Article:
I just saw Lost in Translation. It was strange watching it in Boston just hours after leaving Tokyo. It was like looking at my moblog... I knew the sushi chef from Ichikan in Daikanyama and the guy who played the producer of the photo shoot, Maki-san. I knew almost every location they shot. Everything was so familiar. It was strange thinking that it must seems so weird to people who haven't been there. It was like being back in Tokyo, but in Boston...

I loved the story and Bill Murray was great.

It captured Tokyo very well. I thought it was really difficult to get permits to shoot movies in Tokyo. I wonder how they pulled it off.

UPDATE: Good post by Jane and a discussion about Lost in Translation on Chanpon. You should read the discussion. Many good points raised. After reading the comments I realize I'm just a sucker for Hollywood movies. ;-)

23 Comments

Really a great movie, gave me serious Tokyo flashbacks.

yes, i thought it a delightful film in its treatment of cultural differences (and similarities) as well as commonalities in struggling with relationships, work and intimacy....

i have not yet been to tokyo but started checking it out when i returned from the film...

am going to thessaloniki and istanbul next week...anyone have any experience they might share...like where an open 802.11b network might be?

~William

" I thought it was really difficult to get permits to shoot movies in Tokyo. "

I know this from first hand experience. NO ONE in tokyo wants you to film anything there. What's up with this? Japan is famous for their tourists who are photography enthusiasts that travel the world and take many photos of other cities, why is tokyo so restrictive on this? Can a japanese person, or perhaps joi himself, offers some insight into this? I was really quite surprised at exactly how hard it was to shoot in tokyo. Now I see why so few american's have come to tokyo to shoot what is arguably one of the greatest looking cities on the planet. They're met with a brick wall. Why??

p.s. I know about all the foreigner in japan photo blogs, but I'm talking about "shooting video or film." when it comes to this, you get shut DOWN.

I think there may be a strategic move on the part of the Japanese government to start encouraging tourism. The easiest way to do this is to loosen restrictions on filming. I recently heard this a professor.

One of the problems with shooting films in Tokyo, or most large cities in Japan is that you have to get permission from SO MANY agencies. When I take TV crews around Tokyo we often don't get permits and shoot until we get chased away.

I don't know about foreign movie filming, but there are three types of filming that are going on ALL THE TIME in Tokyo: (1) Japanese TV dramas--there have been several shot in the vicinity of my station; (2) Japanese motion pictures--you can recognize the locations; and most commonly (3) what appears to be university student filmmakers (they may or may not have or need permits, but they show up in force and make absolutely no attempt at Ed Wood-esque guerilla stealth or speed). I'm from Los Angeles, but I have to say I run across filming more often in Tokyo than I did in L.A.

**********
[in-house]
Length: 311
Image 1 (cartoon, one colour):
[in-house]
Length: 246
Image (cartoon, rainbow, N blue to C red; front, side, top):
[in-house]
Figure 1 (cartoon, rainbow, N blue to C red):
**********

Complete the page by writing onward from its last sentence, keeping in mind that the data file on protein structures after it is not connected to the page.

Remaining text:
Jimmy. You're right... I also remember seeing shooting sometimes. Then why do my friends always have such a difficult time getting a permit? ;-)

Maybe you just have to have the right connections. Also, probably big scenes, like chase scenes that involve blocking off roads is difficult...

I remember they couldn't shoot a lot of Black Rain in Tokyo so had to shoot in Osaka or something.

Did the movie's use of locations accord with how Tokyo is laid out?
I used to watch TV shows and movies make a mess of LA geometry when I lived there, and not get bothered by it. But I spent a few months in Atlantic City just a bit before the Louis Malle film "Atlantic City" came out. Malle had people going all kinds of directions other than the right ones. Like going East to go to Philadelphia. It really took me out of the movie.

I've just found just about every single scene in Lost in Translation and generally speaking the locations exist, but there is more than just poetic license used on actual geography everywhere...bill murray waking up in the taxi would never end up going away from his hotel through kabuki-cho in that direction (clearly done to show the neon strip - to be fair very unrealistic), the ending whisper scene is completely impossible in reality, maybe attributable to throwing away continuity altogether...and the final shots of tokyo highways are almost archive standard and are a pretty scenic and extended route to Narita...including several expressway loops that only a taxi driver wishing to triple his fare would take.

By the way, if the taxi took the final route shown in the movie, it must have u-turned and bill would see scarlett again..the intersection after the driver with white gloves is the intersection he just left from the other direction.

I saw this film and really enjoyed it. Jane's take on it is very accurate. Makes me want to visit Tokyo, it looks great!

Everyone's been raving about this film. It must be really good.

Susan: not everyone. I didn't particulary like it. It's very well done, but it's not a good movie. ;)